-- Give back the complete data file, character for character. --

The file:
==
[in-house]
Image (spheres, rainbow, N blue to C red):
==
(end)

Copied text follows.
[in-house]
Image (spheres, rainbow, N blue to C red):